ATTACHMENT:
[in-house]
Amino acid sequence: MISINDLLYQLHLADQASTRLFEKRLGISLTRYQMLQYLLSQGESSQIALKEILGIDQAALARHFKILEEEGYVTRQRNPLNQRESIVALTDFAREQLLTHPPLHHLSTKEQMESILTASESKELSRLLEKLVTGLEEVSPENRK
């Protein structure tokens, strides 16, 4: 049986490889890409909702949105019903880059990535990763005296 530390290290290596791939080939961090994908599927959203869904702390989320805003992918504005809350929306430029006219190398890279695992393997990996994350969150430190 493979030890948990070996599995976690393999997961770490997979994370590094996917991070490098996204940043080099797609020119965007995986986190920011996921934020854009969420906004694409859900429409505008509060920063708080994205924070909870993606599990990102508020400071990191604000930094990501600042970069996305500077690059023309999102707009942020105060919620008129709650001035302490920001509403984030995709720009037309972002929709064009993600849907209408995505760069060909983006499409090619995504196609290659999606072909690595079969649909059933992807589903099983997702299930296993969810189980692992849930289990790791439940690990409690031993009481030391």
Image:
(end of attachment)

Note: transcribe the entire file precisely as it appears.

[in-house]
Amino acid sequence: MISINDLLYQLHLADQASTRLFEKRLGISLTRYQMLQYLLSQGESSQIALKEILGIDQAALARHFKILEEEGYVTRQRNPLNQRESIVALTDFAREQLLTHPPLHHLSTKEQMESILTASESKELSRLLEKLVTGLEEVSPENRK
């Protein structure tokens, strides 16, 4: 049986490889890409909702949105019903880059990535990763005296 530390290290290596791939080939961090994908599927959203869904702390989320805003992918504005809350929306430029006219190398890279695992393997990996994350969150430190 493979030890948990070996599995976690393999997961770490997979994370590094996917991070490098996204940043080099797609020119965007995986986190920011996921934020854009969420906004694409859900429409505008509060920063708080994205924070909870993606599990990102508020400071990191604000930094990501600042970069996305500077690059023309999102707009942020105060919620008129709650001035302490920001509403984030995709720009037309972002929709064009993600849907209408995505760069060909983006499409090619995504196609290659999606072909690595079969649909059933992807589903099983997702299930296993969810189980692992849930289990790791439940690990409690031993009481030391």
Image: